Luckily there are a multitude of supplies and equipment available to help make the most of each minute that you are working. Just one example of this is livestock feeders. They allow to feed animals is a safe and effective manner, allowing you to proceed with the rest of your daily tasks.
In todays economy we have to make use of all the things that we already have on hand. We just cannot afford to go out and buy new stuff and put it on our credit cards anymore so we must improvise. It is amazing what you can find around the barn, house or yard that you can make use of.
On of the things that we have started getting a lot of use out of is a drop sided wagon. (Look in the background of the above picture in the doorway of the barn, and you will see our wagon.) If and when we need to haul several buckets of feed at once but really don’t need the truck or tractor, it comes in very handy. A bale of straw or hay fits in it just perfect and you can pull it with you right into the barn. This little wagon can go places that other equipment cannot even fit into. It has rubber tires and maneuvers well. Having a bad back, it has became one of the farm supplies that I cannot do without. It saves me from having to carry feed out to the cattle because I can just load the buckets and pull them out to the feeders in the wagon, unload and dump. The stress and strain is no longer a problem.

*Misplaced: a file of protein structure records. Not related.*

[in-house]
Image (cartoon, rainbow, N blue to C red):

Another item I have made use of is a hard rubber water trough. I placed it up next to the house under a downspout and now collect rain water in it. I have discovered that by using rain water on my seedlings and plants in my green house is better for them than city water with all the chlorine. I bottle it in milk jugs and plastic bottles and store it to use for my house plants all year round. It really works great. Even in the winter, I’ll fill the jugs and keep my supply stocked. I only have a problem if it freezes.
Look around, see what you can use out of all the things you already have. You may be surprised.
I have goats as you may have read in my articles. I enjoy my small herd and love caring for them. I am, at this time, awaiting the arrival of new kids any day now. So I get excited when it comes to my goats.